Investment in Character and the Mystery Box

Earlier this week one of the team sent around a link to a lecture by legendary film and TV Producer J.J.Abrams, called ‘The Mystery Box‘. If you’ve never watched a TED lecture before this is as good an introduction as any – whatever you think of Abrams, his films, (‘Armageddon’, ‘Cloverfield’), or TV Shows (‘Alias’, ‘Lost’) he”s a compelling speaker.  Excitable, engaging, passionate, he talks his field with the conviction you’d expect from such a reliable money maker. The whole thing”s worth a watch, but the inspiring moment for me is 11 minutes in when he show a clip from ‘Jaws’. In the clip Roy Scheider’s character is in his dining room with his son and wife.  He’s having a bad day – this is ‘Jaws’, please don”t ask why – and as he sits at the table putting his face in his hands, his son starts copying his actions. Scheider becomes aware of the copying, plays up to it, father and son snarl at each other, and then Scheider says:

“Come here.  Give us a kiss”

his son:

“Why?”

to which Scheider replies:

”cos I need it.”

It really is a great moment. The point Abrams makes is that it’s scenes like this that make ‘Jaws’ work. It’s the investment in character. If it was two hours of what is and was, even at the time, a pretty poor mechanical, rubber shark, the film wouldn’t be the classic it is. Looking at a different film, it’s the character of Ripley and the dynamic between her and the crew members that make ‘Alien(s)(2)(3)’ so utterly compelling. The monster’s not the narrative, it’s just the MacGuffin to put the already well-formed character of Ripley under pressure and show her responding to unthinkably harrowing events. Both ‘Jaws’ and ‘Alien’ invest in the most important narrative vehicle of all – character. Point made. I finished GTA IV this week. A stunning game by any standards and, unusually, one I was totally compelled to finish, even through some of the more frustrating missions. And my take-out from the whole thing, the whole, incredible, 10/10 experience, is that Rockstar are, at this moment in time, the best exponents of game narrative in the industry. Why? Because while the story’s actually very simple – immigrant comes to America seeking revenge on the people who double crossed him and his friends – the  investment in character is off the scale. The best of what our industry”s capable of; totally compelling, believable characters throughout. I could talk all night about the lesser parts, Roman, Little Jacob, the hilarious Real Bad-man, but it’s the hero, Nico Belic, who really shines. Reading Edge this week I saw him described in one interview as evil. I guess this is one way of looking at him. I was chatting to our Art Director about this today though, and you know I think evil undersells what Rockstar have done with Nico. Amoral, yes, but evil, I’m not so sure. A couple of examples to make the point: late in the game there’s this moment when Nico finally thinks he’s found the traitor, Florian. Confronting this old friend in a penthouse apartment you’re prepared for the confrontation to end all confrontations, and then Florian steps out from behind the bed, as gay as a lord and innocent with it. The relationship that subsequently develops between Nico and Florian is amazingly well pitched – funny, yes, camp, yes, but also very cleverly handled.  The high point for me is this scene, just after Nico’s taken down a ‘hater’ in the park for Florian.  They’re in a car heading back to Florian”s apartment.  Nico, normally a man of few words, suddenly delivers this lengthy monologue about honestly in politics, about how Florian shouldn’t be dating this politician who sells himself on his married family image, and finishes by saying something like: “I’m sorry Florian.  I don’t normally talk this much. But you’re my friend. I don’t want to see you hurt.” Words to that effect. It’s a great moment. Later still Nico’s talking to Kate, the sister of an American Irish criminal family, about her dead cop brother after his funeral. She intimates that Nico must be pleased to see another cop dead, to which he says: “I have nothing against cops.  They’re just regular guys trying to get by.” What comes through time and time again with Nico is that although amoral he’s actually hugely principled, driven by a deep seated belief structure centered on family, friends, honour. He has a sophistication and complexity that you rarely see in any medium, let alone a videogame. In Nico Belic, videogame character comes of age. To quote J.J.Abrams:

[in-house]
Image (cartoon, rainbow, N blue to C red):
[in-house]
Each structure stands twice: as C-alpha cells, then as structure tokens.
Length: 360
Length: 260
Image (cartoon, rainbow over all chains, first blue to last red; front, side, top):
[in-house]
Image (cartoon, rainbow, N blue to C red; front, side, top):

”when people do sequels…they’re ripping off the wrong thing. You’re not supposed to rip off the shark or the monster, you know, if you’re going to rip something off, rip off the character, rip off the stuff that matters…”

Good words.

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